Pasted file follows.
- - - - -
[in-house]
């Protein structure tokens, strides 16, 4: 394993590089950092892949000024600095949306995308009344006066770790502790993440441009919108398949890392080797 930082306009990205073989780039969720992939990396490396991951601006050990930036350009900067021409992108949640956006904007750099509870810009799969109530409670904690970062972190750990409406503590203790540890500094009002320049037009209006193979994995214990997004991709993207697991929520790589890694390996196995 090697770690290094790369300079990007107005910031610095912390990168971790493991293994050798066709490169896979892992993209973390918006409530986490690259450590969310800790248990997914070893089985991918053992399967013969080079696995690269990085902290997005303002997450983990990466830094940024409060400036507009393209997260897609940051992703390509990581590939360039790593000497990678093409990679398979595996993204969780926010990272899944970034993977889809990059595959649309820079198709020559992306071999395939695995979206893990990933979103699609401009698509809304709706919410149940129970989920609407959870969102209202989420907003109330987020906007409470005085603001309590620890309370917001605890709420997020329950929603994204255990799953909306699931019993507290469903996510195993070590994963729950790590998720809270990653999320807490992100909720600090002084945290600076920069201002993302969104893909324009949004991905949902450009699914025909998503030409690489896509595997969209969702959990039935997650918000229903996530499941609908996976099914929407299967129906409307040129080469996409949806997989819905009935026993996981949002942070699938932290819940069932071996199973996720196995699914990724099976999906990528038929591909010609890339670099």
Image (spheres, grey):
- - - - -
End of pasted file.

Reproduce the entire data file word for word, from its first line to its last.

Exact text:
[in-house]
């Protein structure tokens, strides 16, 4: 394993590089950092892949000024600095949306995308009344006066770790502790993440441009919108398949890392080797 930082306009990205073989780039969720992939990396490396991951601006050990930036350009900067021409992108949640956006904007750099509870810009799969109530409670904690970062972190750990409406503590203790540890500094009002320049037009209006193979994995214990997004991709993207697991929520790589890694390996196995 090697770690290094790369300079990007107005910031610095912390990168971790493991293994050798066709490169896979892992993209973390918006409530986490690259450590969310800790248990997914070893089985991918053992399967013969080079696995690269990085902290997005303002997450983990990466830094940024409060400036507009393209997260897609940051992703390509990581590939360039790593000497990678093409990679398979595996993204969780926010990272899944970034993977889809990059595959649309820079198709020559992306071999395939695995979206893990990933979103699609401009698509809304709706919410149940129970989920609407959870969102209202989420907003109330987020906007409470005085603001309590620890309370917001605890709420997020329950929603994204255990799953909306699931019993507290469903996510195993070590994963729950790590998720809270990653999320807490992100909720600090002084945290600076920069201002993302969104893909324009949004991905949902450009699914025909998503030409690489896509595997969209969702959990039935997650918000229903996530499941609908996976099914929407299967129906409307040129080469996409949806997989819905009935026993996981949002942070699938932290819940069932071996199973996720196995699914990724099976999906990528038929591909010609890339670099």
Image (spheres, grey):